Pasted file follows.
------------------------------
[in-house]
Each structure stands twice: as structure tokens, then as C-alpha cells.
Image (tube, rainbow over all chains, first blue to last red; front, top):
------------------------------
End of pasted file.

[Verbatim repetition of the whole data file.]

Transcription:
[in-house]
Each structure stands twice: as structure tokens, then as C-alpha cells.
Image (tube, rainbow over all chains, first blue to last red; front, top):